I received a call last month from an investment property owner. He’d bought a duplex in Houston earlier this year as a rental property and had a question about the insurance he’d originally purchased from another agent. Even though he had only bought one side of the duplex, he’d been told most carriers required both sides be covered in order to write a duplex insurance policy. He wanted to know if that was correct.

Honestly, I can’t imagine any agent telling him that. It’s inaccurate to be sure. Most insurance companies will only write a home, rental property, car or business insurance policy for someone who has an insurable interest in the property. Insurable interest means they have an ownership stake in the property. According to Texas law, no one can have an insurable interest, and therefore an insurance policy, on something they don’t own. Otherwise, I could write a policy in my name on someone else’s million dollar mansion and attempt to collect for damages caused by a fire.

If there’s no insurable interest, then you cannot have a policy written on it. In this case, since he didn’t own the other side, he only needed a duplex insurance policy on the half he owned. Let’s delve into this a little deeper into duplex insurance by looking at one side versus both sides and then contrast that with home versus rental property.

One Side: If you own or are buying one side of a duplex, then as I’ve already mentioned, you only need an insurance policy for the half you own. The replacement cost calculation should only be done for your half of the duplex (see https://wiseinsurancegroup.com/home-insurance-replacement-cost-factors/). The other half should not have any bearing on your policy coverage or replacement cost.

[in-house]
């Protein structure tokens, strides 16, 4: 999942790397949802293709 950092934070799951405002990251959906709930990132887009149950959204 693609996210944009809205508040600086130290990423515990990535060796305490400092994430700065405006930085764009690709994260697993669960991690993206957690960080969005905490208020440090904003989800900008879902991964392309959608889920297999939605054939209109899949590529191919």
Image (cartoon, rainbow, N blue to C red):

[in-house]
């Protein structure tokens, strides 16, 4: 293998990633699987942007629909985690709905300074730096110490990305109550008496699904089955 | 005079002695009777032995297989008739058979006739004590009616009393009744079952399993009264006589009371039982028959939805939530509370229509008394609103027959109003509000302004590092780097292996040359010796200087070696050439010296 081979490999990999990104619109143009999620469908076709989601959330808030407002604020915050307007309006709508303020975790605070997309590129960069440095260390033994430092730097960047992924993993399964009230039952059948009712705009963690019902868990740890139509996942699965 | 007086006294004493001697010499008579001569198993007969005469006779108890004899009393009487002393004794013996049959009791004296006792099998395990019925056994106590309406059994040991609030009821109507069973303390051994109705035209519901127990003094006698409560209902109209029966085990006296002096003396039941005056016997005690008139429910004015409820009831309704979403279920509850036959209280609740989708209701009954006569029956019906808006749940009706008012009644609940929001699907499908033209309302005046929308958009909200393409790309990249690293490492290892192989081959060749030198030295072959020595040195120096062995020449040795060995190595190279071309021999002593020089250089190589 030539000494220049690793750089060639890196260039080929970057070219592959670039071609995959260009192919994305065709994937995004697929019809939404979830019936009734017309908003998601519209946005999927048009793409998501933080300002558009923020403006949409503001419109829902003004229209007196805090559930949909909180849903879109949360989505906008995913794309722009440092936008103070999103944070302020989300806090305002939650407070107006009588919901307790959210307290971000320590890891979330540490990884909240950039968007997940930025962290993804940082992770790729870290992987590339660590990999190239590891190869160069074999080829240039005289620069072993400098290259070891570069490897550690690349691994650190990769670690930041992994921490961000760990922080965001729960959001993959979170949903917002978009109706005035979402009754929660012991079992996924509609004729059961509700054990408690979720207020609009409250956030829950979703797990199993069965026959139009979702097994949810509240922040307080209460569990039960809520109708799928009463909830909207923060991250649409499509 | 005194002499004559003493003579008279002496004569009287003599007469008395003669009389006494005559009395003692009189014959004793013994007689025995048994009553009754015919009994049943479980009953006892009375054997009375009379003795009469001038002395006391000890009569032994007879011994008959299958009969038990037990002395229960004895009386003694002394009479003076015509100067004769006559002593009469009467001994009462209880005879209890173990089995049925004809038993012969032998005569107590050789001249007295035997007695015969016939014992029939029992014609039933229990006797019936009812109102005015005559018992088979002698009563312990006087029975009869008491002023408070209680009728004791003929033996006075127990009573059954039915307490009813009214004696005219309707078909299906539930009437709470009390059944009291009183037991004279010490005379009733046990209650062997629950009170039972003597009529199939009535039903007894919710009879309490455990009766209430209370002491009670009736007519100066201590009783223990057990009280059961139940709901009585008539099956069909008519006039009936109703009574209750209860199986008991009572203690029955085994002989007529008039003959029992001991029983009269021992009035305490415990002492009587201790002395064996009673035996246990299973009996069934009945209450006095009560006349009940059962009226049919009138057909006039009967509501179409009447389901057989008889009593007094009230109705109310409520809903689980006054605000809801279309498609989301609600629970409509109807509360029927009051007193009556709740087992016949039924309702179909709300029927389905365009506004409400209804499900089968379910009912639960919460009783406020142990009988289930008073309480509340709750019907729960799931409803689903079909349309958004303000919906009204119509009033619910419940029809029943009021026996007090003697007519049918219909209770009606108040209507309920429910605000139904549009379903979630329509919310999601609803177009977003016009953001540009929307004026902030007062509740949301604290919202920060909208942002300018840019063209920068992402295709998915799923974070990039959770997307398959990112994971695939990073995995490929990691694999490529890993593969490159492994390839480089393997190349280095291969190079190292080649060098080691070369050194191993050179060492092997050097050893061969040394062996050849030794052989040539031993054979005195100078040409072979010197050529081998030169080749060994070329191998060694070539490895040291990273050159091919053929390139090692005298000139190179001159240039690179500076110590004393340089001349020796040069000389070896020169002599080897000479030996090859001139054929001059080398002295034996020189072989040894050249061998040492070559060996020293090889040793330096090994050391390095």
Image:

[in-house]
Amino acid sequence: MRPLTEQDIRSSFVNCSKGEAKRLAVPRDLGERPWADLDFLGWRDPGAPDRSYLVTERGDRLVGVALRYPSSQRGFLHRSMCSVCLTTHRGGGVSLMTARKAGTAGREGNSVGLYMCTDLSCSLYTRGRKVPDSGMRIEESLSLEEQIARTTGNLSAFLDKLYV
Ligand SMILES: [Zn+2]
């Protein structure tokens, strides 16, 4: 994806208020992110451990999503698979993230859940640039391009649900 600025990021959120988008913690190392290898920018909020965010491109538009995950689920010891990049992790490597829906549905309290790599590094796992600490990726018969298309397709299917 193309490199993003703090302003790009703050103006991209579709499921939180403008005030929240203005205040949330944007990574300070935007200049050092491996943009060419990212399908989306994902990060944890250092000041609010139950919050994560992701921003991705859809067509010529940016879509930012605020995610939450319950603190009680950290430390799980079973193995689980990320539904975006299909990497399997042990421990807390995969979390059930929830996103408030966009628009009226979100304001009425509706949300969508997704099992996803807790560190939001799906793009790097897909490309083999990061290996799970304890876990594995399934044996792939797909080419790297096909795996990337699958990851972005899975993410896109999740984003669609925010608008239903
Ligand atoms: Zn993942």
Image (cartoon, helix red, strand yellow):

Both Sides: If you’re buying or own both sides of a duplex, you’ll need a policy or policies to cover the entire duplex. What kind of policy is needed is determined by who lives in which half. The duplex insurance could be written as either a primary home or rental property policy or both under certain circumstances.

Owner Occupied: If you as the owner will occupy the half you’re buying or own, then a homeowner’s policy is needed. This will cover your half of the structure and your personal property or contents (furniture, appliances, electronics, clothing, kitchenware, etc.).

Rental Property: If, your half or both sides will be rental property, then you’ll need a rental property or landlord policy which covers the side(s) you own, with maybe a little bit of coverage for appliances, but no other contents or personal property. Your tenant will need to purchase a renter’s insurance policy to cover their personal property.

Mixed Use: The only time more than one policy may be needed is when someone owns both sides, they live in one half, and a tenant lives in the other half. If the tenant is an immediate family member (parents, siblings, adult children), many insurance companies will allow you to have a single home insurance policy that covers both sides.

On the other hand, many insurance companies will require a home insurance policy on your half and a rental property policy on the half that’s occupied by someone else whether it’s an immediate family member or not. In these cases, each policy is responsible for only the side that it applies too.

Duplex insurance isn’t hard if you are working with someone who knows what they’re doing and what questions to ask. I now have a new client who owns one half of a duplex in Houston because I asked the right questions. It also was nice to provide him with a better policy that has a lower deductible, and a savings of over $300 a year too!

What questions do you have? Share them with me, along with your comments and experiences, on my Facebook, Google +, and LinkedIn pages. I’d love to hear from you!

Evie Wise
Evie Wise


Evie Wise
Evie Wise

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